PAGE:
Friday, July 18, 2014

Best of the Friday Fun Facts: Collection #9



Here are this week's Friday Fun Facts about Diana Gabaldon's books. This is a collection of some of my favorite items from previous FFF posts. I hope you enjoy them!



1) This photo, from Wikipedia, shows what moveable type slugs for an 18th-century printing press looked like. Click on the photo for a bigger view.  The object in the foreground, where the letters are formed into words, is called a composing stick.
"I ha’ fought wi’ sword and dirk many times, but to every warrior comes the day when his strength will fail him.” He shook his head and stretched out a hand toward his coat, which lay on the floor.

“I took these, that day wi’ Tom Gage, to remind me of it,” he said.

He took my hand and put into it the things he had taken from his pocket. They were cool, and hard to the touch, small heavy oblongs of lead. I didn’t need to feel the incised ends to know what the letters on the type slugs were.

“Q.E.D.,” I said.

“The English took my sword and dirk away,” he said softly. His finger touched the slugs that lay in my palm. “But Tom Gage put a weapon into my hands again, and I think I shall not lay it down.”

(From VOYAGER by Diana Gabaldon, chapter 27, "Up in Flames". Copyright© 1994 by Diana Gabaldon. All rights reserved.)   


The terms "upper case" and "lower case" that we use today come from the wooden cases used to hold the lead type. I took this photo in the printshop at Colonial Williamsburg in October 2013.  If you look closely at the photo, you can see a diagram showing where each letter belongs in the case. (For more about my trip to Williamsburg and Yorktown, look here.)

Here are some tips for setting type by hand.



2) Claire was surprised to learn in DRAGONFLY IN AMBER that urinoscopy was still practiced at L'Hopital des Anges:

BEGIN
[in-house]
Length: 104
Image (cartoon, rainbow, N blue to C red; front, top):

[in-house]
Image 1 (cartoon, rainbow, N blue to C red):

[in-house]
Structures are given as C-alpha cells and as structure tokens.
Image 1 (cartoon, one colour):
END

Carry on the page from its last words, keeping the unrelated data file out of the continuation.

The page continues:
I bent over a pallet at the edge of the floor. A very thin woman lay listlessly under a single blanket, her eyes drifting dully over us without interest. It wasn’t the woman who had attracted my attention, so much as the oddly shaped glass vessel standing on the floor alongside her pallet.

The vessel was brimming with a yellow fluid--urine, undoubtedly. I was mildly surprised; without chemical tests, or even litmus paper, what conceivable use could a urine sample be? Thinking over the various things one tested urine for, though, I had an idea.

I picked up the vessel carefully, ignoring Sister Angelique’s exclamation of alarmed protest. I sniffed carefully. Sure enough; half-obscured by sour ammoniac fumes, the fluid smelled sickly sweet--rather like soured honey. I hesitated, but there was only one way to make sure. With a moue of distaste, I gingerly dipped the tip of one finger into the liquid and touched it delicately to my tongue.
(From DRAGONFLY IN AMBER by Diana Gabaldon, chapter 12, "L'Hopital des Anges". Copyright© 1992 by Diana Gabaldon. All rights reserved.)
The painting above, by 17th-century Dutch artist Evert Oudendijck, shows a doctor examining a flask of urine.  This was a special type of flask known as a matula, used for urinoscopy.  The wicker basket at his feet was used to carry the flask.


Here is an example of a urinoscopist's color wheel, used to diagnose illness based on the color, odor, and taste of the patient's urine. (This one is from the early 16th century.  Click on the picture for a bigger view.)  For more information about the history of urinoscopy, look here.  There's a collection of historical paintings on the subject here.



3) Here's an example of a pie safe from Colonial North Carolina.  Click on the photo for a bigger view.  I like to think it might have been similar to the one Jamie and Claire had in their house on Fraser's Ridge.
"No!” I said, my voice sounding rather louder than I intended. “I’m not...damaged.”

He said something in Gaelic under his breath, short and explosive, and shoved himself away from the table. His stool fell over with a loud crash, and he kicked it. Then he kicked it again, and again, and stamped on it with such violence that bits of wood flew across the kitchen and struck the pie safe with little pinging sounds.